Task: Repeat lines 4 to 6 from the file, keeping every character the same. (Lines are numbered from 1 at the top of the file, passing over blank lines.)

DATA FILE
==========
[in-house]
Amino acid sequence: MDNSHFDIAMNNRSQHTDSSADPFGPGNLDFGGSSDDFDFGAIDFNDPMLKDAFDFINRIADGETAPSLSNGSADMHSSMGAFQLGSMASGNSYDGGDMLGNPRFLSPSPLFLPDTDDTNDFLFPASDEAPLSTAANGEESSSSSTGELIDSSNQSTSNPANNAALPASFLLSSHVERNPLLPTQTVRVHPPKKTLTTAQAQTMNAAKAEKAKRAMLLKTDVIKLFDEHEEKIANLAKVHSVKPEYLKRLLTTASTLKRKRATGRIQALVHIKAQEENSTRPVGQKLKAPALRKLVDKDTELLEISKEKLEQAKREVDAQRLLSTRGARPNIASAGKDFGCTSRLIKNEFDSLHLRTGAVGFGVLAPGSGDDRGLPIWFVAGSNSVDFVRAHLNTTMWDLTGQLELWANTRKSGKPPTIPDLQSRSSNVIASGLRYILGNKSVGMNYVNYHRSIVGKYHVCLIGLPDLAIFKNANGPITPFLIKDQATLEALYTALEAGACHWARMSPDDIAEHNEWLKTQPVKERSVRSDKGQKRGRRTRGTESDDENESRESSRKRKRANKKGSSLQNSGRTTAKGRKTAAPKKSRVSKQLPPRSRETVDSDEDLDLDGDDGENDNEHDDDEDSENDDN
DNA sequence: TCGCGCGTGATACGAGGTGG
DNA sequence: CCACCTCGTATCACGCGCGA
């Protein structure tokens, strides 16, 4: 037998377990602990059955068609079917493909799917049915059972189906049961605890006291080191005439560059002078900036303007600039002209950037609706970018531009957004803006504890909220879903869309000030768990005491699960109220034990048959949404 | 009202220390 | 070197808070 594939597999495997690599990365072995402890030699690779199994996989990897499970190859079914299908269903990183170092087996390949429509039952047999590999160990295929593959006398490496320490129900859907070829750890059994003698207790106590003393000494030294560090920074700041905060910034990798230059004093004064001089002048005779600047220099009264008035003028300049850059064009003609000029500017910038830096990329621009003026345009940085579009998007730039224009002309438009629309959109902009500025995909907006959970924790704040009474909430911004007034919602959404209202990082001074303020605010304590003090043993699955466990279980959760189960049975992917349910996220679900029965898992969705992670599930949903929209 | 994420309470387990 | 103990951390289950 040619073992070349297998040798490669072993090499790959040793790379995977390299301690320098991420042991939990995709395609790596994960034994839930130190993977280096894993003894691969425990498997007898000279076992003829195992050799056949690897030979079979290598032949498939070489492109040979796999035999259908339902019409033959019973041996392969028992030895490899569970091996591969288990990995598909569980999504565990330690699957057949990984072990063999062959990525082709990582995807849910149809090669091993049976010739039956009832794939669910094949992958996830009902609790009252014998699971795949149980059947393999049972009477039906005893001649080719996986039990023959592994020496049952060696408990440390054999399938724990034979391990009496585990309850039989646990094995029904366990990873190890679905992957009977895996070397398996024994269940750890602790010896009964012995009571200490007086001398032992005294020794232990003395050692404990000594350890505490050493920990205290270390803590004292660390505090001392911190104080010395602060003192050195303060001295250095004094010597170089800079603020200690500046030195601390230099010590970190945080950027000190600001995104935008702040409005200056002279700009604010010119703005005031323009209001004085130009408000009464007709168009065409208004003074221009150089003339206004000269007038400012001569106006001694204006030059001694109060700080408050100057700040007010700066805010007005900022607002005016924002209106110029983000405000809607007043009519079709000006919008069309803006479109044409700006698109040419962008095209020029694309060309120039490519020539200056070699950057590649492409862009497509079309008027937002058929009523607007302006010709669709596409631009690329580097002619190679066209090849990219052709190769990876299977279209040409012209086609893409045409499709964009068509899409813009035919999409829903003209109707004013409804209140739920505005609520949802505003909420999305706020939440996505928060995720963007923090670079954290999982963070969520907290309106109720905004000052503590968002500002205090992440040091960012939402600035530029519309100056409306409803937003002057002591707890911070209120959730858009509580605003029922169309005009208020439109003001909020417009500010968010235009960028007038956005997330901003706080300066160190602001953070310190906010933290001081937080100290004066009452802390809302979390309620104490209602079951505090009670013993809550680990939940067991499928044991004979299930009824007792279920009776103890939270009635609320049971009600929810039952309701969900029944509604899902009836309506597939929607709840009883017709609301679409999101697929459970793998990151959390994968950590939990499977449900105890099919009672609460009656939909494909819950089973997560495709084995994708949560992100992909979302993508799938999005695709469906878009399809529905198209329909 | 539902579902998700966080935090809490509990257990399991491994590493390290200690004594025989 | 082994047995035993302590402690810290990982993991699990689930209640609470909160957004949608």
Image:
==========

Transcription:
DNA sequence: CCACCTCGTATCACGCGCGA
């Protein structure tokens, strides 16, 4: 037998377990602990059955068609079917493909799917049915059972189906049961605890006291080191005439560059002078900036303007600039002209950037609706970018531009957004803006504890909220879903869309000030768990005491699960109220034990048959949404 | 009202220390 | 070197808070 594939597999495997690599990365072995402890030699690779199994996989990897499970190859079914299908269903990183170092087996390949429509039952047999590999160990295929593959006398490496320490129900859907070829750890059994003698207790106590003393000494030294560090920074700041905060910034990798230059004093004064001089002048005779600047220099009264008035003028300049850059064009003609000029500017910038830096990329621009003026345009940085579009998007730039224009002309438009629309959109902009500025995909907006959970924790704040009474909430911004007034919602959404209202990082001074303020605010304590003090043993699955466990279980959760189960049975992917349910996220679900029965898992969705992670599930949903929209 | 994420309470387990 | 103990951390289950 040619073992070349297998040798490669072993090499790959040793790379995977390299301690320098991420042991939990995709395609790596994960034994839930130190993977280096894993003894691969425990498997007898000279076992003829195992050799056949690897030979079979290598032949498939070489492109040979796999035999259908339902019409033959019973041996392969028992030895490899569970091996591969288990990995598909569980999504565990330690699957057949990984072990063999062959990525082709990582995807849910149809090669091993049976010739039956009832794939669910094949992958996830009902609790009252014998699971795949149980059947393999049972009477039906005893001649080719996986039990023959592994020496049952060696408990440390054999399938724990034979391990009496585990309850039989646990094995029904366990990873190890679905992957009977895996070397398996024994269940750890602790010896009964012995009571200490007086001398032992005294020794232990003395050692404990000594350890505490050493920990205290270390803590004292660390505090001392911190104080010395602060003192050195303060001295250095004094010597170089800079603020200690500046030195601390230099010590970190945080950027000190600001995104935008702040409005200056002279700009604010010119703005005031323009209001004085130009408000009464007709168009065409208004003074221009150089003339206004000269007038400012001569106006001694204006030059001694109060700080408050100057700040007010700066805010007005900022607002005016924002209106110029983000405000809607007043009519079709000006919008069309803006479109044409700006698109040419962008095209020029694309060309120039490519020539200056070699950057590649492409862009497509079309008027937002058929009523607007302006010709669709596409631009690329580097002619190679066209090849990219052709190769990876299977279209040409012209086609893409045409499709964009068509899409813009035919999409829903003209109707004013409804209140739920505005609520949802505003909420999305706020939440996505928060995720963007923090670079954290999982963070969520907290309106109720905004000052503590968002500002205090992440040091960012939402600035530029519309100056409306409803937003002057002591707890911070209120959730858009509580605003029922169309005009208020439109003001909020417009500010968010235009960028007038956005997330901003706080300066160190602001953070310190906010933290001081937080100290004066009452802390809302979390309620104490209602079951505090009670013993809550680990939940067991499928044991004979299930009824007792279920009776103890939270009635609320049971009600929810039952309701969900029944509604899902009836309506597939929607709840009883017709609301679409999101697929459970793998990151959390994968950590939990499977449900105890099919009672609460009656939909494909819950089973997560495709084995994708949560992100992909979302993508799938999005695709469906878009399809529905198209329909 | 539902579902998700966080935090809490509990257990399991491994590493390290200690004594025989 | 082994047995035993302590402690810290990982993991699990689930209640609470909160957004949608």
Image: